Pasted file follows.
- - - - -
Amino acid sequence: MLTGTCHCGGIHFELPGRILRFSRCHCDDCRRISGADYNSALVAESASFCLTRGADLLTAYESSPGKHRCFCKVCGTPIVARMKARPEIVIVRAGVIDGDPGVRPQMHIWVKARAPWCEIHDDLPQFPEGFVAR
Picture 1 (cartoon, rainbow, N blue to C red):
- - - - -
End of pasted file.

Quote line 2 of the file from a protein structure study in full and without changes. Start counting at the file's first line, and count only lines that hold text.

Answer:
Picture 1 (cartoon, rainbow, N blue to C red):